By postwar standards, we are projecting a deep, prolonged recession and a very sluggish recovery. The middle left panel provides some perspective. The black line shows the level of real GDP, indexed to its own peak, in the second quarter of 2008. By way of comparison, the red and blue lines show the paths of real GDP during the recessions that started in November 1973 and July 1981, respectively. As can be seen, the projected contraction in real GDP in the current episode is about in line with that experienced during those two earlier “big” recessions, but our projected recovery is noticeably more prolonged. The box to the right summarizes some of the important factors that impede the projected recovery. First, we think that the economy will continue to face significant (albeit moderating) financial headwinds over the next two years, with elevated risk premiums, restrictive lending conditions, and general uncertainty restraining real activity for some time to come. Second, tight monetary policy did not help generate the current recession, and we don’t see monetary ease as likely to generate as much impetus to recovery. In fact, as the third bullet point notes, the federal funds rate is already close to the zero lower bound, greatly limiting the scope for conventional monetary policy to provide further stimulus to real activity.

The importance of this last factor is illustrated by the bottom set of panels. The exercise is similar to the simulations presented in the Bluebook, except that this one allows the federal funds rate to turn negative. The green line in the bottom left panel shows the simulated federal funds rate path. If unconstrained, the optimal funds rate would fall below zero in early 2009 and drop to negative 5½ percent in the third quarter of 2010. In this scenario, the unemployment rate, shown in the middle panel, peaks at 7¾ percent in 2009—about ½ percentage point lower and a year earlier than in the Greenbook projection. The four-quarter change in core PCE prices, shown at the right, bottoms out at just over 1¼ percent in mid-2010 and then turns up, in contrast with the continued deceleration in the extended staff forecast. In the context of the zero bound, achieving an outcome for real activity and inflation consistent with the unconstrained optimal control exercise would likely require some combination of greater fiscal stimulus and nontraditional monetary actions than we have built into the current projection.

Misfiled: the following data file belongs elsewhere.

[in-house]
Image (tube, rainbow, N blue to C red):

Your final exhibit summarizes the outlook for inflation. As shown in line 1 of the top left panel, we now project that total PCE price inflation will slow to about 1 percent in 2010, while the core rate (line 7) falls to 0.8 percent. The decline in inflation reflects a combination of widening slack in resource utilization, reduced energy and materials prices, and a net decline in core import prices; these factors also push down long-run inflation expectations. I should note that we received data on the November CPI this morning. The total CPI fell 1.7 percent, driven by a sharp drop in energy prices. The core CPI was unchanged last month. We had been expecting an increase of 0.1 percent. One measure of resource utilization, the unemployment rate, is projected to reach 8¼ percent in 2010. In our forecast, the wide unemployment rate gap puts substantial downward pressure on costs and prices. However, as suggested in the middle left panel, we may be overstating the downward pressure on inflation caused by slack. In particular, the current cycle has been associated with especially large employment declines in several industries, notably construction and finance. If these declines are leading to an unusual amount of employment reallocation across industries, structural unemployment would increase, which in turn would raise the NAIRU.